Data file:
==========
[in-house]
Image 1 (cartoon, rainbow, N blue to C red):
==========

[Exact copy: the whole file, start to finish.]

[in-house]
Image 1 (cartoon, rainbow, N blue to C red):